The Türkmens traditionally lived in tents made
of white and black felt symbolising wealth and
poverty, and the Kazakhs lived in felt tents
known as kiyiz üy. Felt is variously known throughout
the region as kidhiz, kidiz, kiz, kiiz and kiyiz.
Felt making was widespread among the Seljuk
and Ottoman Turks, and these craftsmen played
an important role in the mystic trade organisations
known as ahi. The uncle of the famous 13th century
mystic Haci Bektas Veli was Keçeci Baba (Father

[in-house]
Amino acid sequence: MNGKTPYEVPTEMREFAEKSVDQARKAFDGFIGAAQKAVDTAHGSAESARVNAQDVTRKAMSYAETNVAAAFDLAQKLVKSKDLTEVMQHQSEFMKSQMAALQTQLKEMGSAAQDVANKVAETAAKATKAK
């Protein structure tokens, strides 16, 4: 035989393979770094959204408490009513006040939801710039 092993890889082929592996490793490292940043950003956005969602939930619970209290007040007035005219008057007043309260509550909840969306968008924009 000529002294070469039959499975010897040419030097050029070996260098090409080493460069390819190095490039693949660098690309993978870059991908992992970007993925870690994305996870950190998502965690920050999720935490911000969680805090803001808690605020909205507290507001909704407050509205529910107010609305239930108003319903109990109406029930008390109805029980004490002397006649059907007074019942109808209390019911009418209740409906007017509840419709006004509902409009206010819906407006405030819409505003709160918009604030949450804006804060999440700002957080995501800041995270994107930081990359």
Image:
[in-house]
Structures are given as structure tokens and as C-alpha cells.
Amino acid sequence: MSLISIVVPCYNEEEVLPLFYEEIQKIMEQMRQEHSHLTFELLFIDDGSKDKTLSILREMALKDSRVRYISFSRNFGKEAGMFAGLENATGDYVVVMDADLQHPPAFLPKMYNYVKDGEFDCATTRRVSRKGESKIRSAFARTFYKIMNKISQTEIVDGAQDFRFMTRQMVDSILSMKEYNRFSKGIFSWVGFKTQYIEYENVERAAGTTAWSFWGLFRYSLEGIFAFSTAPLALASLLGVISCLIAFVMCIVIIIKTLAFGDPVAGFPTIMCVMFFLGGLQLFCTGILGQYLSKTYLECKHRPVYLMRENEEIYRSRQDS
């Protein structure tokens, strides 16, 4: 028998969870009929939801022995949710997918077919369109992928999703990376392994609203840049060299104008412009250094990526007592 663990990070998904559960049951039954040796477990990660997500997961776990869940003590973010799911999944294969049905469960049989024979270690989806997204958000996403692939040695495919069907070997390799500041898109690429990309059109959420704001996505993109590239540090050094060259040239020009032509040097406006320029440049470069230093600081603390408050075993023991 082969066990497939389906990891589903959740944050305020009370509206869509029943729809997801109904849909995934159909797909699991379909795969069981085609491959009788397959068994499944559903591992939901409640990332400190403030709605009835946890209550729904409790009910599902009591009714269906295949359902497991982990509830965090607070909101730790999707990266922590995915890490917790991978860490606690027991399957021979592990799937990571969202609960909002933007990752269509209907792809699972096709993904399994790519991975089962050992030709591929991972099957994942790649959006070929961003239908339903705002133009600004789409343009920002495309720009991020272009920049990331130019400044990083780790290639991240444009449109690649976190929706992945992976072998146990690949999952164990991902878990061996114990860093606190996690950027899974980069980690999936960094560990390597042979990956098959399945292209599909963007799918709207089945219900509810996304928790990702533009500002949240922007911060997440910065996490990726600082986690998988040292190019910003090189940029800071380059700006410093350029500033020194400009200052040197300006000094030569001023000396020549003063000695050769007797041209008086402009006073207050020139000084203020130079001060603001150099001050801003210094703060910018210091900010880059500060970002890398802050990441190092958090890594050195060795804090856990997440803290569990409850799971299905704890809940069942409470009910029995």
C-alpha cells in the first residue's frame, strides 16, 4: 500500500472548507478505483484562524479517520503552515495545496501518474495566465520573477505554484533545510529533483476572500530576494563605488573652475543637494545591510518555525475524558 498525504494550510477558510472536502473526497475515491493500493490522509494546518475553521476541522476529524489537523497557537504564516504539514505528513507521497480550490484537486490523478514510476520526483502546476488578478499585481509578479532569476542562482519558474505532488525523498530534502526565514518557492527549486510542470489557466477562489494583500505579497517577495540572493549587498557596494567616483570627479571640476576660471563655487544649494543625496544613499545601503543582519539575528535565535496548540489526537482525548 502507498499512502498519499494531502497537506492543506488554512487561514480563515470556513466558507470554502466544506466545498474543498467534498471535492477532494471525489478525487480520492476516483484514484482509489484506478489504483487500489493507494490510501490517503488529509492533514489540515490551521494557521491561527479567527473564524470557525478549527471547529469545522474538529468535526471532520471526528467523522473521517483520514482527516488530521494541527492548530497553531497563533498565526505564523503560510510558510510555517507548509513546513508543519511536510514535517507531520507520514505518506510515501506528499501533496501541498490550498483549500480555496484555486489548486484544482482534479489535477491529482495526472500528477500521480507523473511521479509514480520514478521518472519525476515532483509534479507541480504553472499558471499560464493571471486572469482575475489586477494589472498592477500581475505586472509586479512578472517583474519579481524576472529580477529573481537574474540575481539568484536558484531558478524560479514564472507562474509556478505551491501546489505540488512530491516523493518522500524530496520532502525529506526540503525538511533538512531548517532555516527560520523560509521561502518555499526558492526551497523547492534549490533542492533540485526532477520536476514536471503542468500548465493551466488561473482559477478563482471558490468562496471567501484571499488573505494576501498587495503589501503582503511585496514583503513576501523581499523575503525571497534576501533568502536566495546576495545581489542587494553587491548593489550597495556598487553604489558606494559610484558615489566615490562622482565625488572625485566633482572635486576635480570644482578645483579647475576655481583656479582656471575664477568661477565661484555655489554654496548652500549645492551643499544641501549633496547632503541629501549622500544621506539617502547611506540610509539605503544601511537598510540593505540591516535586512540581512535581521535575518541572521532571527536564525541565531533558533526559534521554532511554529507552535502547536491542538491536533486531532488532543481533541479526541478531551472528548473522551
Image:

of the Felt Makers), who lived in the village
of Keçeci in the district of Erbaa in Tokat.
Although felt is mainly made by machine today,
some continues to be made by hand in parts of
Turkey. The fact that the process is labour-intensive,
prices low, and the use of felt artefacts less
widespread than in the past means that this
traditional craft is on the decline. Young people
are no longer interested in learning this technique,
and the few surviving workshops are unlikely
to last another generation.